The British triathlete, a gold medal winner at both the 2012 London Olympics and the 2014 Commonwealth Games in Glasgow, Scotland, broke away from the field at the ITU World Triathlon Series Grand Final on Sunday to win by a 20-second margin.
Brownlee, who missed three of the six preceding World Series races to take him out of world champion contention this year, also won the European Triathlon Championships in Kitzbuhel, Austria, earlier this year.
"It's been a good little run of late," said the 26-year-old. "It's turned out all right for me. It would have been great to have been in the running for the world series title, but I made the most of it otherwise, I think. Since coming back from injury and competing in the European Championship, I think I have been first or second in every race, so that is good. Hopefully if I can have a good winter, I will be at my best for next year."
Alistair's brother, London Olympic bronze medal-winner Jonathan Brownlee, finished the race in fourth place, dropping him to third in the final World Series standings.
Spain's Javier Gomez won the bronze, enough to guarantee him his second consecutive World Triathlon Series title and fourth in his career.
Gomez also won the overall title in 2008, 2010 and 2013.
"I was sick last week in Stockholm, so I feel lucky to have recovered pretty well for this race," Gomez said. "I was glad I could give my best today and secure the title. That was my goal and I am very happy. I finished first in the world standings and Mario Mola was second, so it was good for Spain."
Mola finished second at the Grand Final in Edmonton to pass Jonathan Brownlee in the series standings.
With his fourth win, Gomez, the silver medallist at the 2012 London Olympics, matched the record four world championship wins captured by British triathlon legend Simon Lessing.
Canada's top performance came from Hamilton, Ont.'s Kyle Jones, who improved upon his 41st world ranking with an 18th-place showing in the Grand Final.
"It came down to the run and unfortunately I didn't have the legs I would have hoped to," Jones said. "All year I have had an underlying problem with my leg and it's time to get that assessed now and get back to 100 per cent. I pushed as hard as I could for as long as I could. The support of the crowd really got me through it."
Andrew Yorke of Caledon, Ont., who was fourth at last month's Commonwealth Games and was ranked 51st coming in to the Final, finished 22nd.
"I'm happy with how I executed on the day," he said. "I think it is pretty reflective of where I am at right now in the world. On a great day, a Commonwealth Games-type day, 10th was conceivable, but you can't have a breakthrough race every time you toe the line. That just doesn't happen."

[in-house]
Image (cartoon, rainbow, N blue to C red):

As the 2014 event represents the 40th anniversary of the triathlon as a sport and the 25th anniversary of the ITU itself, an official hall of fame was created with the first seven inductees being announced on Sunday.
Leading the class was Vancouver's Les McDonald who served as the first ITU President from 1989 all the way to 2008, and is largely credited with getting triathlon added to the Olympic Games.
"It wouldn't have been the sport it is today without the vision of people, especially Les McDonald," said 1990 ITU champion and fellow hall-of-fame inductee Greg Welch of Australia. "He was the spearhead for everything the sport fought for since 1989 to get that Olympic dream just 11 short years after that. He is triathlon royalty."
Also in the inaugural triathlon hall of fame class were athletes Erin Baker (New Zealand), Karen Smyers (United States), Emma Carney (Australia), Mark Allen (U.S.) and Simon Lessing (Great Britain).
NOTES: A corporate challenge earlier in the day featured former Canadian Olympic gold medal triathlete Simon Whitfield competing alongside Edmonton Oilers captain Andrew Ference and Oilers head coach Dallas Eakins. Whitfield did the swim, with Ference on the bike and Eakins running the final leg. The trio won the event. . . More than 3,000 athletes representing 75 countries descended on Edmonton for the World Triathlon Grand Final. The events were broadcast to a worldwide television audience of approximately 45 million in 160 countries. . . Edmonton is hosting the Grand Final for the second time, last hosting a World Championship in 2001. The WTS series travelled to seven other cities before Edmonton — Auckland, Yokohama, Cape Town, London, Chicago, Hamburg and Stockholm. Edmonton had been added as a regular stop for the series going forward. . . Edmonton has hosted nine International Triathlon Union triathlons since 2001.